The online exhibit, Recognizing Women’s Right to Vote in New York State, is now available to view at New York Heritage Digital Collections!
This exhibit explores different aspects of the Women’s Suffrage movement in New York, including influence from native cultures on the movement, the 1848 conventions in Seneca Falls and Rochester, suffragist tactics, such as civil disobedience and the insertion of the suffrage movement into popular culture, the anti-suffrage movement, and impact of World War 1, the New York State referendum in 1917, and legacy of the suffrage movement.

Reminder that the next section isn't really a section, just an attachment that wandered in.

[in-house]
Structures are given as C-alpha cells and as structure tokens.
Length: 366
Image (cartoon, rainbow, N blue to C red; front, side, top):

Stationed in shop-window, ca.1914. Anna Constable came up with an idea that drew crowds of people without having to speak. Standing in a shop window, she held up large placards with simple suffrage statements printed on each and held up the cards one by one. Police actually arrested her for “causing a crowd to collect and block the sidewalk,” and suffragists publicized the arrest as well as the idea of the voiceless speeches.
Photo courtesy of Bryn Mawr College Library
Visit the exhibit at nyheritage.org/sufferage